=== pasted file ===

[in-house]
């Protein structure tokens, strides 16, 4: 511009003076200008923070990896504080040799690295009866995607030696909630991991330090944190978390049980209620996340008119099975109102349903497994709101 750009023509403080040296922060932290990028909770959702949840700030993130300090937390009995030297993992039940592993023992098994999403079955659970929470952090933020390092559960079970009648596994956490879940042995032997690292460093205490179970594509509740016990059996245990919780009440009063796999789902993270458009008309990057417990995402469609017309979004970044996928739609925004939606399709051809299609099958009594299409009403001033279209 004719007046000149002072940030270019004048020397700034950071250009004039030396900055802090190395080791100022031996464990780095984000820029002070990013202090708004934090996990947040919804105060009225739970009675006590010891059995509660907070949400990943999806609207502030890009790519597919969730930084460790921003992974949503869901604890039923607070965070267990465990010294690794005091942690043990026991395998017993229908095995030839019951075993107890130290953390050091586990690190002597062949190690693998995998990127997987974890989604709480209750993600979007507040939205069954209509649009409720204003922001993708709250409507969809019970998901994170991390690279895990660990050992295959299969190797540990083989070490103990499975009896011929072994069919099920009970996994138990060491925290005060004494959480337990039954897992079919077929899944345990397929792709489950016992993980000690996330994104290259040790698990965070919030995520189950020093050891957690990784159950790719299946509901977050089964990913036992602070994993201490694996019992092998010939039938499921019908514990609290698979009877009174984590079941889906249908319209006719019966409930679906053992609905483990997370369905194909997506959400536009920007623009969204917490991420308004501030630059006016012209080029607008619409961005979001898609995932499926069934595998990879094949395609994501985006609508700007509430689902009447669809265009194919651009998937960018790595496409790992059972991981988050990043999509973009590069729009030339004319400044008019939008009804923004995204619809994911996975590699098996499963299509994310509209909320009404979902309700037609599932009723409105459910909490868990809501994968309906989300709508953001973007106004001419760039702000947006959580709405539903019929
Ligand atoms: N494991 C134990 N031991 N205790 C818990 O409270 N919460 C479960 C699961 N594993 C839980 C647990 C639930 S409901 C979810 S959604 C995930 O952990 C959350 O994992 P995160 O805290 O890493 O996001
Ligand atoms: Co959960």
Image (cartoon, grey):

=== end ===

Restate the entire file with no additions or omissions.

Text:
[in-house]
């Protein structure tokens, strides 16, 4: 511009003076200008923070990896504080040799690295009866995607030696909630991991330090944190978390049980209620996340008119099975109102349903497994709101 750009023509403080040296922060932290990028909770959702949840700030993130300090937390009995030297993992039940592993023992098994999403079955659970929470952090933020390092559960079970009648596994956490879940042995032997690292460093205490179970594509509740016990059996245990919780009440009063796999789902993270458009008309990057417990995402469609017309979004970044996928739609925004939606399709051809299609099958009594299409009403001033279209 004719007046000149002072940030270019004048020397700034950071250009004039030396900055802090190395080791100022031996464990780095984000820029002070990013202090708004934090996990947040919804105060009225739970009675006590010891059995509660907070949400990943999806609207502030890009790519597919969730930084460790921003992974949503869901604890039923607070965070267990465990010294690794005091942690043990026991395998017993229908095995030839019951075993107890130290953390050091586990690190002597062949190690693998995998990127997987974890989604709480209750993600979007507040939205069954209509649009409720204003922001993708709250409507969809019970998901994170991390690279895990660990050992295959299969190797540990083989070490103990499975009896011929072994069919099920009970996994138990060491925290005060004494959480337990039954897992079919077929899944345990397929792709489950016992993980000690996330994104290259040790698990965070919030995520189950020093050891957690990784159950790719299946509901977050089964990913036992602070994993201490694996019992092998010939039938499921019908514990609290698979009877009174984590079941889906249908319209006719019966409930679906053992609905483990997370369905194909997506959400536009920007623009969204917490991420308004501030630059006016012209080029607008619409961005979001898609995932499926069934595998990879094949395609994501985006609508700007509430689902009447669809265009194919651009998937960018790595496409790992059972991981988050990043999509973009590069729009030339004319400044008019939008009804923004995204619809994911996975590699098996499963299509994310509209909320009404979902309700037609599932009723409105459910909490868990809501994968309906989300709508953001973007106004001419760039702000947006959580709405539903019929
Ligand atoms: N494991 C134990 N031991 N205790 C818990 O409270 N919460 C479960 C699961 N594993 C839980 C647990 C639930 S409901 C979810 S959604 C995930 O952990 C959350 O994992 P995160 O805290 O890493 O996001
Ligand atoms: Co959960």
Image (cartoon, grey):